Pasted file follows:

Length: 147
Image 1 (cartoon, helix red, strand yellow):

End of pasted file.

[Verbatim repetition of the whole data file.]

Length: 147
Image 1 (cartoon, helix red, strand yellow):